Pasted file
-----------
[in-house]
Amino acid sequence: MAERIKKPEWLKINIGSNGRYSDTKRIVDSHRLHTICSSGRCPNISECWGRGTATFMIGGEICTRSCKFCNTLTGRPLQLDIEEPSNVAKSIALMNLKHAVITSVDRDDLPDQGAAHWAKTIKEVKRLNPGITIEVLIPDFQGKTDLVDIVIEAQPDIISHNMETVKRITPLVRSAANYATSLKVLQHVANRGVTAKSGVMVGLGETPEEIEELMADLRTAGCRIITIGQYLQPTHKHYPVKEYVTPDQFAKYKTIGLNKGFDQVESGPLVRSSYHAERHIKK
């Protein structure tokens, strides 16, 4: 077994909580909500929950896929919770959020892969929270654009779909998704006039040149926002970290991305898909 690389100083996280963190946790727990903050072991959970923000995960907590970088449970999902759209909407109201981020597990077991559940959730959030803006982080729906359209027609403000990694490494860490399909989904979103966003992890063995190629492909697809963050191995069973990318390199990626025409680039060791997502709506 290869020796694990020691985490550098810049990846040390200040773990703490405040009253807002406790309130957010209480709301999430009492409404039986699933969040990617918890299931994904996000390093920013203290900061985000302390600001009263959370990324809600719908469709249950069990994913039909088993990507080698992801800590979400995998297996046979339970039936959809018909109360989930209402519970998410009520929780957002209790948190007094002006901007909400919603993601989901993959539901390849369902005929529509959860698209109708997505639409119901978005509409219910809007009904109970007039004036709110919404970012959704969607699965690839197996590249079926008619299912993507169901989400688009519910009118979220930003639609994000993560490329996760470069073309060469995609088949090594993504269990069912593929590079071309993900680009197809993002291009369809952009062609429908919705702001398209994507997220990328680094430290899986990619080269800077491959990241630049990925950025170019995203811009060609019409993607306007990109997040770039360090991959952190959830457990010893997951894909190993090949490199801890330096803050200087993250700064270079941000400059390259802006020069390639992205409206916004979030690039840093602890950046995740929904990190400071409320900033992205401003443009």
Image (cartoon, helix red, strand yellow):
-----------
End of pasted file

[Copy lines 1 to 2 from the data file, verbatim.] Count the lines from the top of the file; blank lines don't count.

[in-house]
Amino acid sequence: MAERIKKPEWLKINIGSNGRYSDTKRIVDSHRLHTICSSGRCPNISECWGRGTATFMIGGEICTRSCKFCNTLTGRPLQLDIEEPSNVAKSIALMNLKHAVITSVDRDDLPDQGAAHWAKTIKEVKRLNPGITIEVLIPDFQGKTDLVDIVIEAQPDIISHNMETVKRITPLVRSAANYATSLKVLQHVANRGVTAKSGVMVGLGETPEEIEELMADLRTAGCRIITIGQYLQPTHKHYPVKEYVTPDQFAKYKTIGLNKGFDQVESGPLVRSSYHAERHIKK